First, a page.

Marcus Ryder on how the Windrush generation shaped modern Britain
Celebrating Windrush is my love letter to my fellow black people across the UK, but to my fellow black Londoners in particular. I was born and raised in London. In 2007 my career took me to Scotland, followed by China and then Malaysia, before I eventually returned to London in late 2021. In all my time away the thing I missed the most was my black British community. London is home to the majority of black people living in the UK — from Brixton to Peckham, and from Ian Wright to Malorie Blackman, I believe we are a large part of what makes this one of the greatest cities in the world.
The importance of the Windrush was recognised at the time with the event being captured on film and newspapers reporting on it. The Evening Standard even went as far as chartering a plane to photograph the ship as it approached Britain. The picture was on the front page the next day with the headline: “Welcome to Britain! Evening Standard plane greets 400 sons of Empire.”
The anniversary and the name ‘Windrush’ hold a special place in the hearts and minds of black Britons and I am glad it is getting the recognition it deserves. Although there has been an African presence in Britain for more than 1,000 years the Windrush is seen as a turning point. It is viewed by many as the start of mass immigration from the then Empire, and the birth of modern British multiculturalism.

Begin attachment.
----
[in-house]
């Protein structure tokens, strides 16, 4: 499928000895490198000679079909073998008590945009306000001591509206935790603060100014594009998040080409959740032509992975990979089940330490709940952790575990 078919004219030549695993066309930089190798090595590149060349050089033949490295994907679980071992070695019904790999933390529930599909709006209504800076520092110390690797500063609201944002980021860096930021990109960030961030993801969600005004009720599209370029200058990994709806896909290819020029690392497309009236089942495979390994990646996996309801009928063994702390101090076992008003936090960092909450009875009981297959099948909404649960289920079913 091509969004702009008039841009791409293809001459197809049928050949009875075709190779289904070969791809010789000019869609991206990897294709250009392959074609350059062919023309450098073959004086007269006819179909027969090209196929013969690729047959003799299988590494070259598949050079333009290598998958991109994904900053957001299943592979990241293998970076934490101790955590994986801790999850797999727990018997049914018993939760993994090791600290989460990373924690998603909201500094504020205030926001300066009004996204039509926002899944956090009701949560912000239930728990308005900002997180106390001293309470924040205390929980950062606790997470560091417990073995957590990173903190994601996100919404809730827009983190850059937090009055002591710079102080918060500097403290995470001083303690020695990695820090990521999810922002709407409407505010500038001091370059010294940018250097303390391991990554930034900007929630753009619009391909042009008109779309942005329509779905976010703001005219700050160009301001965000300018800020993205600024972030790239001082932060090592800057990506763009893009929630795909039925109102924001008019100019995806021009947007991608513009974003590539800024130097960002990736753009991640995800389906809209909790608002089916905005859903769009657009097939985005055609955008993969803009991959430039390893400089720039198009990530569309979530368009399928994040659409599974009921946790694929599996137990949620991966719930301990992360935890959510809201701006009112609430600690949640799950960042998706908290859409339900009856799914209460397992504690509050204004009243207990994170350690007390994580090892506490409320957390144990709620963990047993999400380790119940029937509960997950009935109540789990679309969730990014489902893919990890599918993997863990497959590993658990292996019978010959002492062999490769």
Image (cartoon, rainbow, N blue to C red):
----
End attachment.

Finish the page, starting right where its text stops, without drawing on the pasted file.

For me, though, in many ways it is still hugely misunderstood and goes to the heart of how we think of our history. Because the Windrush does not just mark the black presence in the UK, it marks the start of modern Britain.
It is arguably as important as VE Day, the Act of Union between England and Scotland, the English Civil War, 1066 and the Roman presence in Britain. Modern Britain would simply not be possible without black people. There would be no NHS, as we know it, without black British people. There would be no modern British public transport system, as we know it, without black British people. For example it is estimated that London Transport directly recruited around 6,000 employees directly from Barbados alone between 1956 and 1970. In 1948, the NHS was seen to be in crisis with over 54,000 nursing vacancies, It was the Windrush generation that literally came to the rescue – by late 1965, there were 5,000 Jamaican women sworking in British hospitals, and by 1977, 12% of all student nurses and midwives were recruited overseas, with two thirds of those coming directly from the Caribbean.